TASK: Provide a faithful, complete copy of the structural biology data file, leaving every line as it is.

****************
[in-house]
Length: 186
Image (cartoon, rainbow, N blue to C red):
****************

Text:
[in-house]
Length: 186
Image (cartoon, rainbow, N blue to C red):